Splashy Ferrari drives home a point in Cubs camp

                                                                                                                                                                                                   
  • Tim Buss leads the Chicago Cubs in a workout wearing a suit that he wore while driving this Ferrari into camp.

      Tim Buss leads the Chicago Cubs in a workout wearing a suit that he wore while driving this Ferrari into camp. Bruce Miles | Staff Photographer

  • Strength and conditioning coach Tim Buss drove into Cubs camp in a Ferrari on Tuesday.

      Strength and conditioning coach Tim Buss drove into Cubs camp in a Ferrari on Tuesday. Bruce Miles | Staff Photographer

  • Cubs strength and conditioning coach Tim Buss leads players through their stretching drills while wearing a suit.

      Cubs strength and conditioning coach Tim Buss leads players through their stretching drills while wearing a suit. Bruce Miles | Staff Photographer

  • Bruce Miles/bmiles@dailyherald.comAfter the Ferrari-inspired stretching routine was finished, Kris Bryant headed to another spot in Cubs training camp for more work.

    Bruce Miles/bmiles@dailyherald.comAfter the Ferrari-inspired stretching routine was finished, Kris Bryant headed to another spot in Cubs training camp for more work.

 
 
Updated 2/21/2017 5:07 PM

MESA, Ariz. -- Another day, another wacky start to the Cubs' daily workout.

Once again, the star was Tim Buss, the team's strength and conditioning coordinator. He has dressed as a cowboy and bedazzled in bling this spring, but on Tuesday he made a grand entrance by driving a Ferrari onto the workout field.

                                                                                                                                                                                                                       
 

"That was pretty good," said manager Joe Maddon, without whose blessing none of this happens. "We tried to do that on the first day (Saturday, when it rained). We had it even more planned out where I was going to go out there and start talking about humility and moving forward, and then he was going to drive out like that. That was really solid."

The sideshow aspect of camp comes with a purpose, says Maddon. One of the themes of the early camp for the world champions has been humility. Maddon and Buss have used irony -- shiny chains and fast cars -- to get that point across.

Maddon says he believes the players are getting it.

"I do, just because I think that's who they are," he said. "It's not contrived. You don't have to force it. That's who those fellows are."

Team leader and first baseman Anthony Rizzo agreed.

"It was just Bussy being Bussy and having a good time," Rizzo said. "With all the crazy things that us players did this off-season, him going to buy a Ferrari is even crazier."

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But seriously, Buss is one of the more respected strength and conditioning coaches in the game. He has been with the Cubs since 2001 and has outlasted many managers and front-office people.

"He's a different cat," Maddon said. "He's a weapon. We have several guys like that who I don't think exist somewhere else because I don't know if there's another guy in any camp who can pull off what he does every day."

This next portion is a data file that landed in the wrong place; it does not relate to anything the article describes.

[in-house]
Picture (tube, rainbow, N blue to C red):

Buss and nonroster man Munenori Kawasaki capped the festivities.

"Kawasaki is the perfect foil," Maddon said. "He just started rambling in Japanese, and Bussy acted as though he understood everything he said and interpreted what he had said, and it was perfect. Kaw loves it, he's great with. This guy's entertaining but he's also a really good baseball player. The combination really fits us perfectly."

Kawasaki, 35, was in the Cubs organization last year, and he got into 14 games for the big club.

More kids on the way:

Joe Maddon walked the fields Tuesday, and he wanted to watch prospects Eloy Jimenez and Ian Happ.

                                                                                                                                                                                                                       
 

"I just try to engage in something different every day," he said. "I got down and just wanted to focus on outfield. I wanted to watch Eloy, and he really moved well. The fact that he attempted to do everything right, you're not always going to do everything right, but the attempt to do something right is really important.

"I wanted to see Ian Happ because the hitting coaches have been going on and on about him. In my own little world today, I got a lot done just conversationally."

Jimenez was their minor-league player of the year last season. Happ was their first-round draft pick in 2015.

"Everybody thinks all of our talent is already here (in the big leagues)," Maddon said. "Time out. There's other guys coming."

The watchful eye:

Relievers Pedro Strop and Hector Rondon threw "live" batting practice Tuesday. Both suffered injuries late last season, and Joe Maddon was paying particular attention to Strop and talking to others about him. About what?

"Can't tell you," he said. "It's stuff, watching him pitch and some philosophical stuff and wanting to know if these guys were thinking the same things that I was thinking, and actually, they were. So it was kind of reinforcement."

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